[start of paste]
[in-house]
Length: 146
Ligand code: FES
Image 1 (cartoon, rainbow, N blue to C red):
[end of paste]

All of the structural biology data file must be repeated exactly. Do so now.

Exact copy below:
[in-house]
Length: 146
Ligand code: FES
Image 1 (cartoon, rainbow, N blue to C red):